Alaska glacier moving faster
The Columbia Glacier is currently about 34 miles in length, three miles wide and more than 3,000 feet thick in places.
June 21, 1999
Web posted at: 12:19 p.m. EDT (1619 GMT)
Alaska's Columbia Glacier has increased its speed from 82 feet per day to 115 feet per day in recent months and within the next few years it could fill Prince William Sound with icebergs, according to a University of Colorado glaciologist.
Already the world's fastest moving glacier, the glacier is suddenly flowing even faster down its channel. Because icebergs are breaking off the glacier faster than the rate of flow, the glacier is retreating and may soon retreat back to where its channel rises above sea level.
Since 1982, the Columbia Glacier has retreated about seven miles. It is currently about 34 miles in length, three miles wide and more than 3,000 feet thick in places. The end of the glacier, known as a tidewater glacier, rests in waters 300 to 600 feet deep.
If the glacier continues to retreat the end of the glacier will soon be resting in waters that are 2,000 feet deep. Glaciologists are not sure why, but icebergs tend to calve off of glaciers more frequently when the glacial end is in deeper water.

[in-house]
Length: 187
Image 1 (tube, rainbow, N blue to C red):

"The deeper the water, the faster they calve," said Tad Pfeffer, a researcher at the university's Institute of Arctic and Alpine Research.
The glacier is moving so fast because it is getting thinner and parts of it are floating on the water. "Once they lose contact with the bed, glaciers start moving faster," said Pfeffer.
Researchers are not sure why the glacier is getting thinner, but some scientists, including Mark Meier, a retired professor at the University of Colorado, point to global warming.
In general, however, Pfeffer said that tidewater glaciers are not a good indicator of climate change. "But the climate may have a long-term effect on these tidewater glaciers we don't yet understand. When a glacier thins to a critical level, it seems to be the point of no return."
Pfeffer will take stereoscopic photography images of the glacier from land adjacent to the glacier beginning late this month to further study its movement.
Copyright 1999, Environmental News Network, All Rights Reserved
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